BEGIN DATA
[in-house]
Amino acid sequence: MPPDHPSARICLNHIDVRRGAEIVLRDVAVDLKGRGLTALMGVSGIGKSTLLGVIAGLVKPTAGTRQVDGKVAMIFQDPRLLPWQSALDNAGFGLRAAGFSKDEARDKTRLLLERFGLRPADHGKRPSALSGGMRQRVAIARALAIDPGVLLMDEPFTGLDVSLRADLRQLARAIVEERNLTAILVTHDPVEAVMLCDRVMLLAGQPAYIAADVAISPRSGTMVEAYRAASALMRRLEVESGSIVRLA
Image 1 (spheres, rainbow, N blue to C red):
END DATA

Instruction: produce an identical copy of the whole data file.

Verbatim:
[in-house]
Amino acid sequence: MPPDHPSARICLNHIDVRRGAEIVLRDVAVDLKGRGLTALMGVSGIGKSTLLGVIAGLVKPTAGTRQVDGKVAMIFQDPRLLPWQSALDNAGFGLRAAGFSKDEARDKTRLLLERFGLRPADHGKRPSALSGGMRQRVAIARALAIDPGVLLMDEPFTGLDVSLRADLRQLARAIVEERNLTAILVTHDPVEAVMLCDRVMLLAGQPAYIAADVAISPRSGTMVEAYRAASALMRRLEVESGSIVRLA
Image 1 (spheres, rainbow, N blue to C red):